Steel Battalion
Image: Damien McFerran / Time Extension

"What are you talking about? Are you trying to insinuate that I flooded a hotel room? That's outrageous!" bellows Hifumi Kouno, in pseudo-offence that gives way to raucous laughter which infects everyone in the room. We're at the Nude Maker office in Tokyo, interviewing the likeable rogue responsible for Steel Battalion on Xbox. A couple of weeks earlier, we'd interviewed the game's script translator, Shinsaku Ohara, who had told us about this alleged hotel incident. We'll get into that, but first: what was Steel Battalion?

It was an experiment as brazen as the hardware it came on. Microsoft's Xbox launched in the US in November 2001, while Steel Battalion arrived less than a year later, hitting Japan in September 2002 under its original name of Tekki. Microsoft was an unlikely newcomer to the console war, offering up what was basically a consolised PC in a box; the multiformat press was sceptical pre-launch. It was a hulking ribbed behemoth, and it was powerful. An advert for Alienware computers from 2001 helps contextualise things – Xbox's third-generation Nvidia graphics card was comparable to the more expensive PC builds, and while its SDRAM was less than any of them, all it had to do was play games, not multitask. Sure, you could technically build a more powerful PC, but for $300, the Xbox was considerably cheaper.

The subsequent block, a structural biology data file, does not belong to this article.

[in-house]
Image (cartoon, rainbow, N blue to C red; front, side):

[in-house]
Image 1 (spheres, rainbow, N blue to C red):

The games industry was entering a new trajectory, and into this maelstrom of upheaval arrived Steel Battalion. Two major aspects defined it. The most obvious was that controller. At the time, it was mind-boggling that such a thing was being considered – a bespoke device that was practically a console itself, to be used exclusively with one game, that would only function with said device. "To tell you the truth," shares Kouno, "during the development period, there were at least two occasions when the upper management requested us to consider including support for normal controllers."